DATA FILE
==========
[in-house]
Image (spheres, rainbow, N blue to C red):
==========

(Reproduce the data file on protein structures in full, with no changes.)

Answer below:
[in-house]
Image (spheres, rainbow, N blue to C red):